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Re: [tlug] Re: Piping stderr?

At 25 Jun 2002 22:07:36 +0900,
Stephen J. Turnbull <> wrote:
>> And uxterm's text processing depends on UTF-8 code set, I
>> can say.
> Sure, but all that matters is (1) chunking characters in the buffer
> and (2) converting to integers for font indexing, both operations are
> trivial and efficient.  This is very different if you want to handle
> all of EUC and Shift JIS and ISO-2022-JP.  In Shift JIS you can't even
> handle all Japanese characters; EUC is the best of the three and
> reasonably consistent but what if you want to write Hangul or Hrvtska
> (Croatian); and ISO-2022-JP means you don't even know where characters
> begin and end without going all the way the back to the beginning.

 EUC-JP can't handle Hangul or Hrvatska or other codeset, of cource.
It's not a point.   If the programs assume the codeset, the program
only handle the codeset.  Even if the codeset is UTF-8, the situation
is not changed.  UTF-8 supports lots of character used in world wide,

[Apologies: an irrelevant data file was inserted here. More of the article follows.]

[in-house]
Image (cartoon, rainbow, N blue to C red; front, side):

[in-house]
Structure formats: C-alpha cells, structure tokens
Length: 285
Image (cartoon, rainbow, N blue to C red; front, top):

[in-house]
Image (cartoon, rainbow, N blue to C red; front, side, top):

but not perfect at all.

> Why burden a stupid little *term with that complexity?

 For me, interpreting Unicode is burden as well.
We have I18N related APIs and you the programs obtain
character information through the APIs without thinking
what kind of codeset the program interpreting.  Less burden I think.

> It should be like a Japanese house.  You may wear sandals, shoes,
> sneakers, or boots outside, but when you enter the house you take off
> your outdoor shoes and put on slippers.  In the same way, at the time
> text enters a program, it should be converted into a universal
> representation, ie, Unicode.  It doesn't matter whether the getabako
> is inside the program (as the genkan in most homes) or outside (as at
> my daughter's school).

 But filter is not always perfect.  SJIS can't round trip UTF-8
(e.g 0x5C) as you know.  It's like,  you get home and take the
shoes off, later you try to get out with the same shoes, but left
shoe is stolen ;-).

 And more, in future it is very possble that codeset which can't map into
UTF-8.  Then UTF-8 hard coded software can't handle the text written in
the codeset.  it's like, when new-comer comes to your hause, his/her feet
are too tall to put your hause's slipper ;-).

Jiro SEKIBA | Web tools & AP Linux Competency Center, YSL, IBM Japan
            | email:,

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